If you don’t have spare gas with you, it’s good to have an extra fuel hose or a dedicated siphon with you. If your buddies have bikes with carburetors (you do ride off-road with friends, right?), you might be able to reach the petcock with your extra fuel hose.
Drain some gas into a bottle and pour it into your gas tank. Don’t leave your buddy’s tank empty, obviously – just pour enough to get you to a gas station.
For fuel-injected motorcycles you’ll have to siphon the gas somehow. The old school method of siphoning gas would be to suck gas through the hose, into a vessel (make sure the vessel is lower than the gas tank).
The danger here, in case it wasn’t obvious, is getting gas in your mouth. Dedicated siphoning devices do all the sucking for you through a one-way valve. All you have to do is jiggle the siphon up and down a few times to start the flow.
3. Bring JB Weld – And Know How To Use It
Puncturing an engine case or an oil pan when riding off-road is very common and can happen in the blink of an eye, even if you don’t crash the bike. This one is serious and can put an end to your ride, and potentially your bike, really quick.
First and foremost, bring JB Weld or another strong epoxy. If the crack or break in your case is small, apply the JB Weld directly and let it settle for a few hours.
For bigger punctures or holes, you might be able to get by with grabbing a coin (or any heavy-duty material) and using epoxy to "patch" the hole with it. No, your odds of this working aren’t great, but desperate times call for desperate measures.
Don’t forget to bring some oil so you can refill whatever you lost from the puncture.
4. Know How To Replace Levers
Levers should be sacrificial, but for some reason the manufacturers install levers that can leave you stranded if they break in a crash. And not having one of the four main touch points on your motorcycle is clearly very bad.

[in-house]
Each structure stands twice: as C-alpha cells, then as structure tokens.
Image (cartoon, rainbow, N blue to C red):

The first thing to do would be to carry spare levers – aftermarket ones, preferably since they are stronger or are designed to leave something left to operate the controls in a pinch.
If that’s not an option, hopefully, the clutch or brake lever is still long enough for you to tape or zip tie a wrench or other long piece of metal to. Then you’ll have to ride carefully as you attempt to use your "new" levers.
If the stubs are too short, you don’t need to use the clutch to change gears. Hopefully, you can find neutral before coming to a stop, otherwise, you’ll need to bump start each time you do. For the brakes, ride carefully and use the rear brake as much as possible.
If your shifter or rear brake lever is broken, you might be able to clamp down some vice grips to the shifter or brake pedal still remaining. You’re walking on thin ice, though, so proceed with extreme caution.
5. Bring An Extra Chain Link Or Two
A broken chain can put a quick end to your ride, but it doesn’t have to. The good news is repairing a chain is relatively easy and only requires you to carry really small parts.
Know whether you have a riveted master link or a clip-type. Whichever it is, carry an extra master link in your spares kit, along with about five extra links, a chain breaker, and a riveting tool.
Grab your chain, find the broken link and remove it if it hasn’t gone already, then use your spare links to build your chain back. Rivet or clip your spare master link in place and continue on your way.
Like we said before, there’s no way to know everything that could go wrong on your next ride, but knowing these five mechanical skills above will cover most of the bases.
If any of these skills seems out of your mechanical comfort zone, practice them at home so you know what to do out in the wild. Hopefully you never have to use these skills, but if you do, you’ll be better for it.